These box office numbers do not include the cost of production or marketing costs. They also don't count the billions in merchandising that Disney has made over the last...Entertainmentread more
Stocks in Asia traded lower on Monday morning, as investors await the start of a Nasdaq-style technology board on the Shanghai Stock Exchange.Asia Marketsread more
When Cathy Hsu and Tony Hsieh wanted to build an English language app for Chinese children, they decided to follow Facebook and Google's lead.Start-upsread more
Instagram began tests that hide "like" counts on posts. That means influencers who market products on Instagram will have to rely on different metrics to show success.Technologyread more
Peter Neupert worked for Microsoft and Amazon-backed Drugstore.com, where he got to know Jeff Bezos. He now advises start-ups.Technologyread more
The firing of the tear gas was the latest confrontation between police and protesters who have taken to the streets for over a month to fight a proposed extradition bill and...China Politicsread more
Last week shows that oil prices are not the indicator for Middle East tensions they once were, and worries about global demand and growing U.S. production has changed that...Market Insiderread more
Facebook Vice President David Marcus is the face of the company's Libra digital currency, but the original driving force was a 26-year-old female corporate-development...Technologyread more
Amazon's new policy for account suspensions doesn't go far enough to protect sellers from potentially unfair and wrongful suspensions, merchants say.Technologyread more
Gluskin Sheff's David Rosenberg is painting a painful picture for stocks as earnings season goes into full gear.Futures Nowread more
There is no end in sight to the Boeing 737 Max grounding after two fatal crashes, prompting airlines to rethink their growth plans.Airlinesread more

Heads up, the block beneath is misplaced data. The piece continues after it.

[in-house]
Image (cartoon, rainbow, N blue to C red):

The world will never again see the price of oil at $100 per barrel, one of Saudi Arabia's biggest investors told CNBC on Friday.
Prince Alwaleed Bin Talal, chairman of Kingdom Holdings, spoke with "Squawk on the Street" following the death of his uncle, King Abdullah. While he admitted that his country—which derives 90 percent of its budget from oil—is feeling the pain of the commodity's collapse, he predicted that Saudi Arabia would not be the first to blink.
He said that a "confluence of events" have led to the fall in oil's price, not—as some have suggested—a Saudi plot to harm America's revitalized energy industry.
"I can assure you that Saudi Arabia is not using the oil price right now to impact the fracking industry in the United States," he said, adding that "there's an oversupply and demand is not so high."
The lack of balance between oil's supply and demand means the road back to $60-$70 range will be "not that easy, not that quick," the prince said, adding that markets may not even have found the bottom yet.
Given this weakness in oil's price, Alwaleed admitted that the global strength of OPEC has weakened.
"I would not say that OPEC is dead, but I think the impact of OPEC as it was years ago is not the same for sure today," he said.
He added that "there's a game of who should cut production first" between members of the oil cartel and non-OPEC nations.
"Eventually there's no doubt that some countries have to blink and reduce their production. ... I don't see Saudi Arabia or the OPEC countries blinking," he said.
Alwaleed said he thought oil's price could lead to political turmoil in countries like Venezuela that depend so much on the commodity and "don't have a lot of extra wealth on the side for that rainy day"—unlike Saudi Arabia and its neighbors.
Weighing in on the global currency market, Alwaleed simply said "I'm a dollar man." As for equities, he said Kingdom Holdings will maintain its diversified strategy, but it is interested in some new companies like China's JD.com.
Following Abdullah's death, Crown Prince Salman bin Abdulaziz became king of the world's top oil exporter.
Salman is a reformer at heart, Alwaleed said, and the country will continue down the same paths of financial, social and political reform as during Abdullah's reign.
Reflecting on the political turmoil in neighboring Yemen, Alwaleed said the resignations of that country's prime minister and president means "clearly we have seen the hands of Iran infiltrating that country through its blatant and open support of the Houthis there. "
He called it an "unfortunate situation" as Yemen's political vacuum could eventually be a "seat of trouble."